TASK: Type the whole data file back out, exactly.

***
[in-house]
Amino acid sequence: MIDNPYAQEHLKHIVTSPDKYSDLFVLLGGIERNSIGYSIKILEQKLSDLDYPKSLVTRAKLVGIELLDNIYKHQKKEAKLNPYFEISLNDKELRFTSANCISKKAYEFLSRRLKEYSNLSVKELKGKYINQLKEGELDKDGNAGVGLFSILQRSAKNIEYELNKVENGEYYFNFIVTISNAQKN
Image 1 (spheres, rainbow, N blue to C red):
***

[in-house]
Amino acid sequence: MIDNPYAQEHLKHIVTSPDKYSDLFVLLGGIERNSIGYSIKILEQKLSDLDYPKSLVTRAKLVGIELLDNIYKHQKKEAKLNPYFEISLNDKELRFTSANCISKKAYEFLSRRLKEYSNLSVKELKGKYINQLKEGELDKDGNAGVGLFSILQRSAKNIEYELNKVENGEYYFNFIVTISNAQKN
Image 1 (spheres, rainbow, N blue to C red):